Is Bad Driving Genetic?

November 3, 2009 ( - Some people are just naturally bad drivers according to new research suggesting individuals born with a certain variant of a gene don't stay on the road as well as their counterparts.

If the results do in fact hold up, and this gene causes bad driving, 30% of Americans would fall into that category, according to the study scientists, LiveScience reports.

The study participants drove 15 laps on a simulator that required them to learn the nuances of a track with difficult curves and turns, the news report said. The researchers measured how well participants stayed on course, and the drivers repeated the simulator test four days later.

Participants with this particular gene performed 20% worse on the simulation test compared with those without the gene variant. Similar results were found in a follow-up test.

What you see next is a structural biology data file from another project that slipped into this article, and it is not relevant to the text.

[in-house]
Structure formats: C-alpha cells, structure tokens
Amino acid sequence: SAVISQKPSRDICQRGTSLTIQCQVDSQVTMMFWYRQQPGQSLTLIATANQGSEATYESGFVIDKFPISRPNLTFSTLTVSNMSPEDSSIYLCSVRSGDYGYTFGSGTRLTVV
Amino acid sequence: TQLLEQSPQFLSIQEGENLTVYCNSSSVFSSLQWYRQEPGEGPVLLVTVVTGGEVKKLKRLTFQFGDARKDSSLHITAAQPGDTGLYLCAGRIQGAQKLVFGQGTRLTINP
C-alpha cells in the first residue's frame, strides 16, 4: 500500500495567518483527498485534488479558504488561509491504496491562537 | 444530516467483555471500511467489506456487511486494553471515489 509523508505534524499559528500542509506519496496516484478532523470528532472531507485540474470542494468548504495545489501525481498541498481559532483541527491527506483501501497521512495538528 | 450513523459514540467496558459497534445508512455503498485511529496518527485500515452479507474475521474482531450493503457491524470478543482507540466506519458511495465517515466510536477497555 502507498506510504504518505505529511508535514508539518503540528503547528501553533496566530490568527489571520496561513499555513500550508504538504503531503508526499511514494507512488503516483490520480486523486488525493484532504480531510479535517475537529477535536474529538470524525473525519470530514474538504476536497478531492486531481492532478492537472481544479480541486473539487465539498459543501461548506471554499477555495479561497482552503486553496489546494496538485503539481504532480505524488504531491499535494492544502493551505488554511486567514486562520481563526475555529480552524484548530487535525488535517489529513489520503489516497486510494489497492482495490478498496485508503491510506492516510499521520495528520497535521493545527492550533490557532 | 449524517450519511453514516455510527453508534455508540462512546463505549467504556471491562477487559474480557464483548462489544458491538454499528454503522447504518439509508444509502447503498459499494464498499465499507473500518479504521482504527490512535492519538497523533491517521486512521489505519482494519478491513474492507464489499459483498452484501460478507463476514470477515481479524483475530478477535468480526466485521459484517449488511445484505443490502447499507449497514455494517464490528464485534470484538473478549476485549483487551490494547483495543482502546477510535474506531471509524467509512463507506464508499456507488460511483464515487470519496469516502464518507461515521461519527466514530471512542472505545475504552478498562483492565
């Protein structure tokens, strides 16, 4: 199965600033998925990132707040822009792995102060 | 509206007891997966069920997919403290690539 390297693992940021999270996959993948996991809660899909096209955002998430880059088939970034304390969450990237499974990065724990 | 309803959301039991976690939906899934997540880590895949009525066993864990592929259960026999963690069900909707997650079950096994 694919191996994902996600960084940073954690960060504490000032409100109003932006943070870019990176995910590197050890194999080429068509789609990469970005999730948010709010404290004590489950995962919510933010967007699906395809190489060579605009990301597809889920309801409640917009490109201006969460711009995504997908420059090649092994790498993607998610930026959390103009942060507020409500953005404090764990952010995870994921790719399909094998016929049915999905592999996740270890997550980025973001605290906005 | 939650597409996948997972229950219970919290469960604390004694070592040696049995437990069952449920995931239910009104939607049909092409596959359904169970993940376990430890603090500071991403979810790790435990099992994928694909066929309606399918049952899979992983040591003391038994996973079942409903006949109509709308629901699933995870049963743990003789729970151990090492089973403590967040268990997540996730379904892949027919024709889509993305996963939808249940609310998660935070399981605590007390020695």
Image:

According to LIveScience, the gene in question limits the availability of a protein called brain-derived neurotrophic factor (BDNF) – which strengthens a person’s memory by supporting communication among brain cells and keeping them in peak shape during activity. When a person is engaged in a particular task, BDNF is secreted in the brain area connected with that activity to help the body respond.

“These people make more errors from the get-go, and they forget more of what they learned after time away,” said lead researcher Steven Cramer, neurology associate professor at the University of California, Irvine, according to the news report.

The study involved only 29 individuals, 22 without the gene and seven with it, and such a small study would need to be replicated by other research, LiveScience conceded.

The research, funded by the National Institutes of Health, is detailed in a recent issue of the journal Cerebral Cortex.